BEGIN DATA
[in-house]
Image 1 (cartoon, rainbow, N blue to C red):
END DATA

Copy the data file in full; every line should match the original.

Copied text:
[in-house]
Image 1 (cartoon, rainbow, N blue to C red):